Google’s Accelerated Mobile Page (AMP) Project — aimed at helping digital publishers optimize their content so that information loads instantly on mobile devices — has been one of the most closely watched SEO trends this year. 

Google launched the initiative in late 2015 with a global and diverse group of digital publishers, technology companies and content platforms including the Washington Post, Twitter, Buzzfeed, the NFL and The Huffington Post. Since then, the search giant has been front and center pushing AMP out and helping incentivize its adoption

Does that mean it’s time for the rest of us, the websites, blogs and e-commerce sites of the world, to get serious about implementing AMP in our own content sharing and search optimization efforts? 

We believe the answer is yes, and here’s a brief look at what that adoption process might look like if you publish content, operate an e-commerce portal or have existing mobile apps. 

What Is AMP and Why Is It Important? 

Let’s start by demystifying what AMP pages are and what makes them unique: Think of them as web pages governed by a set of specific web protocols that combine custom HTML elements with a JavaScript library and a content delivery network (CDN) that caches pages.

Now, flash back to Mobilegeddon in April 2015 when Google first flipped its mobile search engine results pages (SERPs) to favor responsive or mobile-friendly sites over all others. 

Mobilegeddon turned out to have a tremendous impact on mobile search and Google views AMPs as the natural follow up to that update. We believe that the extent to which you adopt AMP will have a lasting positive or negative impact on your organic performance for mobile traffic. 

In short, if you want to minimize load time and optimize your user experience for mobile users, it’s time to get on board now.

Google is Strongly Supporting AMP 

Google has clearly put a robust support network into position. This past January, they added an AMP-relevant section to Google Search Console (GSC), renamed from the former Google Webmaster Tools to reflect the growing importance of mobile. 

What’s more, in May, GSC expanded its coverage of AMPs to make it easier to spot errors, similar to the web page indexing and page error reports that have long been standard features on GSC.

And then in August, Google started sending out AMP-related messages right from GSC to notify webmasters when they could benefit from deploying AMP to pages that don’t already have it in place.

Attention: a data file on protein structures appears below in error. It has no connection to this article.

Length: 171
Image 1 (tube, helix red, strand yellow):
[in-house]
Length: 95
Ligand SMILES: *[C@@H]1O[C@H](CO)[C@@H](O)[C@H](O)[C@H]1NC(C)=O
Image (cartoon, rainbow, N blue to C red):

Is Your CMS Ready for AMP?

Our best guess is that Google will make AMPs even more of an algorithmic issue as we head into 2017, since they stand to offer a great deal of value in terms of customer satisfaction and overall website traffic retention. 

But not all CMSs are created equal when it comes to beginning to make the transition to AMPs. 

For example, WordPress now has better, more established AMP plugins to consider. Some, such as Automaticc’s version, with Glue for Yoast, connects the SEO features of your site to AMP without requiring any coding or hacking.

However, your CMS or custom-built website may not have ready-made plugins to simplify the process. At present, only WordPress, Drupal, Squarespace and smaller players Hatena and Marfeel support AMPs. Look for that to change in 2017 as more plug-ins are developed and more platforms adopt the AMP protocols. 

But What About My Apps?

When making the decision to implement AMPs, the logical expectation is that mobile users will like your site, visit it more often and spend more time on it due to improved UX. 

But what if your website currently relies on mobile apps built to get around mobile UX issues on your full website? Should you start planning for the demise of those mobile app and build AMP into your website itself?  

This is a tough one. For blog posts, articles and similar ongoing content efforts, we may well see fewer apps built simply to facilitate reading those materials more conveniently. But that’s pretty much the majority of what AMP optimizes so far.

Speed and Simplicity 

We are not at a point where other functionality, specifically around e-commerce transactions, is improved more than marginally on load time. There is still a need to have those processes available in a simplified format. 

This should come as no surprise since AMP is built to improve load times and UX specifically for content. It is possible that the initiative will grow one day, and we can certainly ask these questions again when it expands. 

Calibrating an AMPed Up Future

But, meanwhile, having AMP available won’t make apps completely obsolete. It could change what is included in a typical app, but I think we’re a long way from seeing apps fall out of favor completely.

So take advantage of AMP but don’t overestimate where it will take us in the coming months and years. We simply don’t know those answers yet. 

And don’t worry about the need to start planning a migration from your iPhone and/or Android apps back to your native website. We are not even close to seeing that become an issue.